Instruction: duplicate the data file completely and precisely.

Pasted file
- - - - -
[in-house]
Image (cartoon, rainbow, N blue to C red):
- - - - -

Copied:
[in-house]
Image (cartoon, rainbow, N blue to C red):